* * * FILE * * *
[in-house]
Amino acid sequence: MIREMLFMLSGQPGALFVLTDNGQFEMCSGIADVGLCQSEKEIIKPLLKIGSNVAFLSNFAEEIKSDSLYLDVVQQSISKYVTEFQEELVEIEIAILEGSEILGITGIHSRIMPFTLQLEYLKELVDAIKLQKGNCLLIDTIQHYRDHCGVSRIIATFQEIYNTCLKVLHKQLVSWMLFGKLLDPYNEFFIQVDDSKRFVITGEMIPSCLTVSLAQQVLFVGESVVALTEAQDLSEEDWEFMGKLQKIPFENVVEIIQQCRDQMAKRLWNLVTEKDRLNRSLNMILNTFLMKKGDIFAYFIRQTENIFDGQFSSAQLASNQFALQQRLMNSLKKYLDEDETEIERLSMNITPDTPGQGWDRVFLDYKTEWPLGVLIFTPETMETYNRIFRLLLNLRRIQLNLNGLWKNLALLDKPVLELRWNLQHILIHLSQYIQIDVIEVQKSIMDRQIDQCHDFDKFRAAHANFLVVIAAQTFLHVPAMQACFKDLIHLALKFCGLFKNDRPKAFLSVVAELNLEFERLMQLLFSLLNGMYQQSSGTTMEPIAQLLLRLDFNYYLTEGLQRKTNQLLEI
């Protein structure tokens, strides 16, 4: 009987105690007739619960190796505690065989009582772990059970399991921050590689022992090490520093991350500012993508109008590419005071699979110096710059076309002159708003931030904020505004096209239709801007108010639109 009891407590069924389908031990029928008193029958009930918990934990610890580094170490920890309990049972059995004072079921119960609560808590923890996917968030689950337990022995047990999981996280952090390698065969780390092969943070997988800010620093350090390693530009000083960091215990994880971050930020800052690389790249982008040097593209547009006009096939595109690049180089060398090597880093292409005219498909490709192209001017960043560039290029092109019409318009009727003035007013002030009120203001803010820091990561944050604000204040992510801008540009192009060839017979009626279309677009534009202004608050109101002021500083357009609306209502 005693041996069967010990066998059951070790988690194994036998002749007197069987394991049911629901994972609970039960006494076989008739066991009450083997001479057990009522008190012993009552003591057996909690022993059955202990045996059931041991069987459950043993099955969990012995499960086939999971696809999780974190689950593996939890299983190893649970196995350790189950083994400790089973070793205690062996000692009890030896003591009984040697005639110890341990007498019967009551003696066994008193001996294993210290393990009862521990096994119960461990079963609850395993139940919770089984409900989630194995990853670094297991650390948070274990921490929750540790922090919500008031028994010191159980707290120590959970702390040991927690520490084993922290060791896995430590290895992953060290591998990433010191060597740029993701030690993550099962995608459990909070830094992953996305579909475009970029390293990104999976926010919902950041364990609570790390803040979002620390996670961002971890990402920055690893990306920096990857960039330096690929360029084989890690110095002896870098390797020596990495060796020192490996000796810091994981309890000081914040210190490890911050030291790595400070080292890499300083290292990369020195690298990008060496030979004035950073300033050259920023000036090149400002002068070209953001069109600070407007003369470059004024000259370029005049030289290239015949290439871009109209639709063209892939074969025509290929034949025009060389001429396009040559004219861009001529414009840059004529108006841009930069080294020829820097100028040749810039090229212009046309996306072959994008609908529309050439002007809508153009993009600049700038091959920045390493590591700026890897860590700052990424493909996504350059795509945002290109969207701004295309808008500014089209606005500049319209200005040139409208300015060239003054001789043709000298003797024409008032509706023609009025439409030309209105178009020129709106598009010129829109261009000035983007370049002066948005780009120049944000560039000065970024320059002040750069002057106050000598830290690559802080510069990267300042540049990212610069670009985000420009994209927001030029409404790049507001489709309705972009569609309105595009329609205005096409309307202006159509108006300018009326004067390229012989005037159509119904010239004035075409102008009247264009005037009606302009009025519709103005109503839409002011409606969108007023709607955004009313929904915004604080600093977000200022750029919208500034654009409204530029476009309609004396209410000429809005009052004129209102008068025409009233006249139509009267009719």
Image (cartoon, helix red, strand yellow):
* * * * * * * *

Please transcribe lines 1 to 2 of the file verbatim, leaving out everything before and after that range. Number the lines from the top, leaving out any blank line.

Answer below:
[in-house]
Amino acid sequence: MIREMLFMLSGQPGALFVLTDNGQFEMCSGIADVGLCQSEKEIIKPLLKIGSNVAFLSNFAEEIKSDSLYLDVVQQSISKYVTEFQEELVEIEIAILEGSEILGITGIHSRIMPFTLQLEYLKELVDAIKLQKGNCLLIDTIQHYRDHCGVSRIIATFQEIYNTCLKVLHKQLVSWMLFGKLLDPYNEFFIQVDDSKRFVITGEMIPSCLTVSLAQQVLFVGESVVALTEAQDLSEEDWEFMGKLQKIPFENVVEIIQQCRDQMAKRLWNLVTEKDRLNRSLNMILNTFLMKKGDIFAYFIRQTENIFDGQFSSAQLASNQFALQQRLMNSLKKYLDEDETEIERLSMNITPDTPGQGWDRVFLDYKTEWPLGVLIFTPETMETYNRIFRLLLNLRRIQLNLNGLWKNLALLDKPVLELRWNLQHILIHLSQYIQIDVIEVQKSIMDRQIDQCHDFDKFRAAHANFLVVIAAQTFLHVPAMQACFKDLIHLALKFCGLFKNDRPKAFLSVVAELNLEFERLMQLLFSLLNGMYQQSSGTTMEPIAQLLLRLDFNYYLTEGLQRKTNQLLEI